Academic Writing in the Health Professions
A Comparison of Two Writing-Intensive Course Models Within a CrossDisciplinary Course
Keywords:writing intensive course, interdisciplinary, health, reflections
Academic writing in higher education has been a long-standing priority, with a greater need for writing supports noted in the past decades (Wingate & Tribble, 2012) and an increasing focus on discipline-specific language in order for students to learn to write and communicate effectively as professionals in their chosen fields (Grzyb et al., 2018). This study examined student learning outcomesin two writingintensive designated health professions courses (Nursing and Public Health). Students completed assignments throughout the semester. One course section required students to turn in a final paper without receiving feedback during the writing process while, in the other course, students received feedback on sections of the final paper throughout the semester. At the final exam stage, students were asked to reflect on their learning experience in the course. At the end of the semester, students submitted their final paper and completed a learning reflection to meet the course requirements. To inform a course revision, student paper and learning reflection narratives were analyzed. Narratives were de-identified and inductively coded by a single coder. First-round coding employed descriptive and in vivo coding to explore the data. The codebook for second-round coding was refined and codes were classified within the headings descriptive, emotion, and value. Findings indicate that students felt they had increased capacity for reflection when feedback was provided throughout the semester. They also felt they benefited from integrating feedback on the credibility of sources, organization, and citations. Integrating feedback and reflection opportunities contributed to greater student learning.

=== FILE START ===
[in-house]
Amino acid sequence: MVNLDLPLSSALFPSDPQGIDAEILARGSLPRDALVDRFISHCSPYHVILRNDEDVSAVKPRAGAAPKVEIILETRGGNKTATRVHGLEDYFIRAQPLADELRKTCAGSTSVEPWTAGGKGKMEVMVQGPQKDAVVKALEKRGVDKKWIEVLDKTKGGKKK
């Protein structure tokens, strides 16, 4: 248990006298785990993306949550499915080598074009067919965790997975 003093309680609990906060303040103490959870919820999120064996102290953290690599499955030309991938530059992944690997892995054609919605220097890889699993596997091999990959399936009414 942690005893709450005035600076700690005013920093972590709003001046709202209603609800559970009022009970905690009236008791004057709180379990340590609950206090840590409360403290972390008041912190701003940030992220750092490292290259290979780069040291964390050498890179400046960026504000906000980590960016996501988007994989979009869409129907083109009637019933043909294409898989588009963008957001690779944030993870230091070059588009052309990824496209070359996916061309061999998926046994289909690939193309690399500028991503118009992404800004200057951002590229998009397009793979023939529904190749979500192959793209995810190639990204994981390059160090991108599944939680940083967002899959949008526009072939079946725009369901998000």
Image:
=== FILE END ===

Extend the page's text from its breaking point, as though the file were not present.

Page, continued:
Copyright (c) 2021 Dr. Shannon McCrory-Churchill, Dr. Lauren Clay
This work is licensed under a Creative Commons Attribution-NonCommercial-NoDerivatives 4.0 International License.